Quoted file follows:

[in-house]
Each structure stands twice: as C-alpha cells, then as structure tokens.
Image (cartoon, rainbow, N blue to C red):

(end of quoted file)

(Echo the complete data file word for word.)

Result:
[in-house]
Each structure stands twice: as C-alpha cells, then as structure tokens.
Image (cartoon, rainbow, N blue to C red):